Table of Content
What is Depression?
Everyone feels sorrow and sadness from time to time. It is a normal response to painful incidents. However, if these feelings persist for weeks or months, it could be a sign of depression.
Depression is a mood disorder that causes relentless feelings of sorrow or loss.
It is more than just an unhappy mood; it can leach one’s joy, energy, and interest in life. It affects your feelings, thinking, and behavior. People with depression may not recognize it. Recognize the symptoms of depression to ensure that your loved ones get the help they need.
How to Tell if Your Loved One is Dealing With Depression
Watch out for these behaviors:
Negative thoughts and negative outlook on life:
People with depression are uncharacteristically sorrowful & moody. They have a bleak outlook on life and see the worst in a situation. They tend to have mood swings. Often, they talk about feeling “helpless” or “hopeless”.
Losing interest in activities they enjoyed:
They seem disinterested in life, in general. They don’t enjoy their hobbies or interests anymore. They have lost interest in their work, friendships, and relationships. They are disengaged and “disconnected” from life. They just do not seem to care!
Change in hygiene, appetite, or sleeping patterns:
Someone who used to have a good sleep schedule now suffers from sleepless nights. Or vice versa, someone who was very active is sleeping through the day. They no longer care about their appearance or hygiene. A drastic change in appetite is also worrisome. If they suddenly start over-eating or have lost their appetite, it could be a sign of underlying mental health issues.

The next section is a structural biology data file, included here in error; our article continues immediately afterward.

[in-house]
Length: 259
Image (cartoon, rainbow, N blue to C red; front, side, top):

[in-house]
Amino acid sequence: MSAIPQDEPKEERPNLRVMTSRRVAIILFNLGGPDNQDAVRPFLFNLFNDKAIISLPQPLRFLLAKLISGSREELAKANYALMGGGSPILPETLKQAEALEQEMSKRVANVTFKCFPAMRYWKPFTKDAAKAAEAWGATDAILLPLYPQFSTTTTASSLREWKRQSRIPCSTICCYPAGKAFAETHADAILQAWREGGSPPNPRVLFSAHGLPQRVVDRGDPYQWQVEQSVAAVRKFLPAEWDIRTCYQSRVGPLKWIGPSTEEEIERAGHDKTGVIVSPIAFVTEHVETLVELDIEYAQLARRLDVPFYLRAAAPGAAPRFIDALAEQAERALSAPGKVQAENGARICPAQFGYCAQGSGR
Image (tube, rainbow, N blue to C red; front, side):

Loss of energy:
A very common sign in depressed people is that they lack the energy to do anything. Even basic chores seem insurmountable tasks to them. They complain about feeling tired or “drained”. They might also have frequent issues of headaches, stomach problems, etc.
Changes in how they communicate:
If there is a drastic change in your loved one’s day-to-day communication pattern, it could be indicative of the depressive disorder. For example, an outgoing person has become withdrawn and sullen. They no longer chat with friends or family. They tend to pull back from social activities.
What Not to Say to A Person fighting Depression
Ensure that you have open and honest communication with your loved ones. Do not be judgemental. Being an empathetic and understanding listener is much more important than giving advice. You don’t have to try to “fix” your depressed friend; you just have to be a good listener.
Sometimes, you might think that you are motivating or helping someone when your words might worsen their depression. Take care to never say these things to a family member of friend with depression:
- “Look on the bright side [talks about random positive things].”
- “This is all in your head.”
- “Just snap out of it”
- “Everyone has problems!”
- “It could be worse.”
- “But you don’t look depressed!”
- “You have everything! Think of all those who don’t even have three square meals a day!”
- “You think you have it bad, [talks about your own woes]”
How to Help Someone with Depression:
1. Be Supportive:
A depressed person often feels guilt and feels that they are a burden to others. Let your loved ones know that you are there to support and encourage them through their recovery. Be empathetic and kind. Do not trivialize or negate their feelings. Depression is not something they can just snap out of.